My Life, My Dream, My Passion - Parfums Grès Collection: Hommage à Marlene Dietrich {New Perfumes} {Retro Celebrity Fragrances}

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Grès is proposing an altogether new concept for the brand: the retrospective homage paid to a star customer of the house. It seems to be a twist on the major celebrity fragrance trend breaking into the market. This one could be called the "Retro Celebrity" sub-category of celebs perfumes.

Grès is launching a trio of perfumes called My Life, My Dream, My Passion in the Parfums Grès Collection: Hommage à Marlene Dietrich which are each said to reflect a different facet of the Golden Age of Hollywood actress and singer Marlene Dietrich who used to patronize the house of Grès.......

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Each 60 ml Marlene Dietrich perfume available for 59 € or US $ 85

Marlene Dietrich is already known to have had a signature perfume with Creed called Angélique Encens.

From the Moodie Report,

"My Dream – Hommage à Marlene Dietrich is described as classic floral perfume in the great tradition of Parisian haute parfumerie. The exhilarating head note is permeated by Italian mandarine orange accompanied by the fruity aromas of pineapple, melon, black currants and apple, with a spicy hint of cloves. In the heart note are Casablanca lilies contrasting with the delicacy of lilies of the valley, roses and violets. Both melt into the heady scent of orange blossoms and heliotrope. The base note features woody notes such as sandalwood, finely enhanced by iris, vanilla, ambra and musk.

My Life – Hommage à Marlene Dietrich is a chypre perfume that reflects the self-confident side of Marlene Dietrich. The head note is fresh from the essences of orange blossoms, wisteria and pink grapefruit. Warm, sensuous rum extract blends into the heart note with Sambac jasmine, heliotrope and cedar wood. The base note reveals the touch of the orient, with seductive woody aromas such as patchouli, sandalwood and vetiver, as well as resins like labdanum and benzoin.

My Passion – Hommage à Marlene Dietrich is a sensuous perfume with a head note of apple, cinnamon and lilies of the valley. The floral heart note is filled with orange blossoms and salicylate. Warmth and passion is displayed with rich portions of ambra, vanilla and musk unfold in the base note."

Each perfume housed in a high quality heavy glass bottle will retail for 59 €. 

(Photo from Divas

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6 Comments | Leave a comment

  1. What a great idea! Of course the compositions sound utterly modern (what with the grapefruit and berries and the apple etc.), but the image is so strong that I am sure it will generate interest.
    Let's hope they deliver.

  2. The image will be strong only if they invest enough advertising money and effort in it, which they did not seem to do for their two latest releases.

    I must say that I have considerably evolved on my "conservative" position regarding the unmatchable beauty of old fragrances. It may be true still concerning some fragrances. For example, I still get a sense that some of the classic Guerlains have become much thinner and sometimes even adulterated, yet L'Instant Magic shows they can offer a superb classical texture with new elements. There are so many perfumes now that are better than the old ones that I feel very optimistic.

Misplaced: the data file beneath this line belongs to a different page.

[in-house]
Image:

3. I have to say that I agree with you on the modern take on clasical structures; I always thought it was a sign of mental old age to focus so much on the past and of budding perfumista mentality to always revere the old in place of the new ;-)

  4. I am not convinced by this idea of the stages of transformation of a perfumista as if it were something like a linear progression with a 101 level and a PhD and post-doctoral levels of appreciation. It's rather rigid and artificial. I think it's more complex than that, like life. You go back on a take, you set it aside etc. I think it's also a question of personality. Some people prefer to study a certain period of history or are particularly sensitive to the charm of the past. (Also we have to be careful to distinguish "old perfumes" from "old formulas".) It might be the medieval period or the contemporary period. By the way, you are working on the antiquity, aren't you? So it does not correlate:)

  5. I came across a lot of new Gress fragrances in Paris, some of them not quite advertised. I have the impression (smell+bottle design) they turn with great speed into the mass market universe. The idea with Dietrich woul be great but the names (My Dream, My Passion, My Life) are closer to the way mass market fragrances used to be (like cheap bodysprays in all colors in the 90s). And I agree with you abou new vs old. There are really old beauties... but old doesn't imply great ( neither expensive natural ingredients).

    Octavian Coifan
  6. Sure I do, but that does not mean I am fixated in the past, only revering past glories...
    I merely hinted at a pretentiouciousness that is sometimes apparent within certain circles that only the old is good, the new is for the dogs. Or some such notion...Not so, in my humble opinion.

    And terrifically apt comment on the old perfumes vs. old formulae! Something that is so often disregarded. And please point to me a handful of perfumes that are 100% exactly as they had been produced in the start of the century. You get my point.

    Re:perfume appreciation. There is I think a certain progression, but it is multi-nuanced and not meant to be compared to academia, as you so note yourself. Perhaps if the specimen at hand is good quality and artistically integral then one is bound to go back again and again and find new things afresh.


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